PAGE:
Saturday, October 16, 2010

Mystery Movie Jobs

Post by Trai Cartwright
I sat with Kerrie Flanagan for the TriMedia Film Festival’s opening night film, we tipped back the margaritas, enjoying the good tale on screen. The credits began rolling, and she leaned over and asked, “What’s a gaffer?”

Ding! Another blog to write for The Writing Bug.

The three most consistently baffling credits on a film are the Gaffer, the Grip and the Best Boy. So here’s what these strange creatures do:

Gaffer: the gaffer is the head electrician, and generally focuses on the lighting equipment. They work in conjunction with the Director of Photography (cameraman) regarding placement of lights, and more importantly make sure the electric circuits aren’t blown by overuse. The general joke is that when an actress has been photographed beautifully, she’s sleeping with the DP, but when an actress is lit so beautifully, she looks fifteen years younger, she’s bringing donuts to the gaffers every morning. Gaffers don’t require much in the way of attention or rewards.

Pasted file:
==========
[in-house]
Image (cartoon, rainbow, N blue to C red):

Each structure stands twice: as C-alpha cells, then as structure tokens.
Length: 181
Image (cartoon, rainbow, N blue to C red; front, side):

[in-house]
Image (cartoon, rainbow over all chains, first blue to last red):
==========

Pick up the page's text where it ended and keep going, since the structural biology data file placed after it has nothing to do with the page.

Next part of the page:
Here’s a rumor of how the gaffer got his name: gaffer predates the sound era in a time when electricity was used to a lesser degree than today. The early stages had canvas roofs that were opened and closed to emit varying degrees of light. This canvas was moved with large gaffing hooks which had been traditionally used to land large fish. (

The Best Boy is the gaffer’s assistant.

Grips are just what their name states: they grab hold of things and move them. Specific grips are assigned to the props department, the DP, the gaffer, the sound technician and they are not interchangeable – each has a specialty, and is generally working in that department because that’s the job they want in the future.

Key Grip: The key grip is the person in charge of all the people in their department who move anything. So there can be multiple Key Grips.

Mystery solved!

Are there any credits you’ve seen that mystify you?



Tim of Angle said...

The men who tended street lamps in the days before gas used a gaff or hook to bring the lamp down from its pole to refill it or tend the wick. I suppose that the name carried forward.

Trai said...

I'm digging that answer, Tim!

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